“Do not spoil what you have by desiring what you have not; remember that what you now have was once among the things you only hoped for.” -Epicurus

There are tons of things that I used to want, that I got, and I still want more things! When I first joined Instagram I wanted 100 followers and at least 10 likes on every photo. Now I have close to 300 followers and I get 20-40 likes per photo, but now I want 1000 followers... It's never-ending. If you place your happiness on follower counts and likes, even when you get them it won't be enough to make you happy.

6. Turn off Notifications

I used to have Notifications for all my social media... when someone liked something, when someone commented...the whole shebang. I started to get upset when I didn't get enough likes, or when they didn't happen fast enough. Silly things. So I turned almost all of them off, and it helps me to focus on other things.

These things all help me to get past the highlight reel and enjoy my time on social media. What helps you to enjoy social media?
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Wednesday, June 13, 2018

Don't Take Turns


Becoming a parent is hard. Or, rather, it's a lot different than how life was before. Before, so much of my time was spent worrying about myself and what I wanted to do. And, if you don't remember from a long long time ago, I'm a counter. It's hard for me to not look at what I'm doing and what other people are doing to make sure that I'm getting my fair share. I think that this is partially because I'm a middle child, if I didn't worry about my fair share, then no one else was going to worry about it for me!

In case you were wondering, that doesn't work so well when it comes to parenting. It's a very quick way to jump from happy parenting to resentment toward your partner. 

So, my best piece of parenting advice that I got was to not take turns. This applies to a lot of areas of life, but specifically, I'll talk about parenting and marriage.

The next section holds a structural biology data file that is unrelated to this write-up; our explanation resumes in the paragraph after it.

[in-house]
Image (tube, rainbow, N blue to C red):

When we first had Everly and she was in the NICU, I couldn't walk. This meant that Brian took care of her a lot more than I did those first few days. He fed her and changed her and did whatever she needed. Not only that but I needed a lot of care those days. I needed help to the bathroom. I needed help getting back in bed. I couldn't even put my underwear back on by myself. He happily and selflessly helped me with all of these things while taking care of the baby. 

Then when we came home and things settled down, Brian went back to work. That meant I was taking care of the baby. I was feeding her, changing her, doing whatever she needed. Brian would help out when he came home, but it wasn't then "his turn" to take care of her. Then we both took care of her. 

The beauty of this is that everyone gets taken care of, as long as both parties are actively working on it. I don't worry if Brian changes Everly a few times in a row, or if I change her while he's home. We help each other out where we can. Instead of, you versus me, it becomes us working together. 

I'll admit that there were a few times where I thought about it. I let the counter in me sneak in and start to tally up how I was doing more for her. Then I remembered that he's going to work to support us both. I started to count how many hours he got to go running or that he got to go out with friends. Then I remembered that he would stay up for the first feeding of the night with her so I could sleep. I remembered that he gave me Wednesday nights for self-care and time to just be Rachael instead of Mom. 

Because it's never just about my turn or his turn, I know that I can ask for help when I need it and he'll happily give it without shooting back "but it's your turn" or "I just did that". It makes me feel so much more supported, which in turn helps me to feel like I want to do more for Brian than I would. It turns me to looking outward instead of counting all the things I've given up. It keeps the balance from shifting too heavily to one side. 

My mom commented on this a month or so after we had Everly and I realized that even though it was something that we'd implemented into our parenting, it was something that we had implemented into our marriage first. Somehow without ever talking about it, we managed to put that into practice. We both cook dinner sometimes, we both clean up, we both put away the laundry. It isn't about "this is my job and that's your job" we recognize that our life is both of ours to take care of. Sometimes I can do more, sometimes he can, and honestly, sometimes neither of us has the energy to do something, like cooking or cleaning up, but because we're both on the same team, there isn't any blame placed if those things slide for a day or two. 

The most important thing that not taking turns has taught me is that we're in this whole experience of marriage and life together. It's so much nicer that way, and when you're being taken care of that way, then you, in turn, have more to give.

What's the best parenting/marriage advice you've been given? Do you take turns?